Simulating school closure strategies to mitigate an influenza epidemic.

TitleSimulating school closure strategies to mitigate an influenza epidemic.
Publication TypeJournal Article
Year of Publication2010
AuthorsLee BY, Brown ST, Cooley P, Potter MA, Wheaton WD, Voorhees RE, Stebbins S, Grefenstette JJ, Zimmer SM, Zimmerman RK, Assi T-M, Bailey RR, Wagener DK, Burke DS
JournalJ Public Health Manag Pract
Date Published2010 May-Jun
KeywordsAdult, Calibration, Child, Computer Simulation, Disease Outbreaks, Efficiency, Organizational, Environmental Exposure, Humans, Influenza A Virus, H1N1 Subtype, Influenza, Human, Models, Statistical, Pennsylvania, Primary Prevention, Quarantine, Residence Characteristics, Schools, Travel

BACKGROUND: There remains substantial debate over the impact of school closure as a mitigation strategy during an influenza pandemic. The ongoing 2009 H1N1 influenza pandemic has provided an unparalleled opportunity to test interventions with the most up-to-date simulations.METHODS: To assist the Allegheny County Health Department during the 2009 H1N1 influenza pandemic, the University of Pittsburgh Models of Infectious Disease Agents Study group employed an agent-based computer simulation model (ABM) of Allegheny County, Pennsylvania, to explore the effects of various school closure strategies on mitigating influenza epidemics of different reproductive rates (R0).RESULTS: Entire school system closures were not more effective than individual school closures. Any type of school closure may need to be maintained throughout most of the epidemic (ie, at least 8 weeks) to have any significant effect on the overall serologic attack rate. In fact, relatively short school closures (ie, 2 weeks or less) may actually slightly increase the overall attack rate by returning susceptible students back into schools in the middle of the epidemic. Varying the illness threshold at which school closures are triggered did not seem to have substantial impact on the effectiveness of school closures, suggesting that short delays in closing schools should not cause concern.CONCLUSIONS: School closures alone may not be able to quell an epidemic but, when maintained for at least 8 weeks, could delay the epidemic peak for up to a week, providing additional time to implement a second more effective intervention such as vaccination.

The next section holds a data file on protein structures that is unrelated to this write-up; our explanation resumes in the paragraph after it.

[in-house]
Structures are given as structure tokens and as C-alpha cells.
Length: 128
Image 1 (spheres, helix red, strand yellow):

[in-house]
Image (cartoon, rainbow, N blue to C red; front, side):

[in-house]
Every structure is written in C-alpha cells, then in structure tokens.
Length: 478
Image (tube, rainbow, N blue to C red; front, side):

Alternate JournalJ Public Health Manag Pract
PubMed ID20035236
PubMed Central IDPMC2901099
Grant List1U54GM088491-0109 / GM / NIGMS NIH HHS / United States
U24 GM087704-01 / GM / NIGMS NIH HHS / United States
U54 GM088491 / GM / NIGMS NIH HHS / United States
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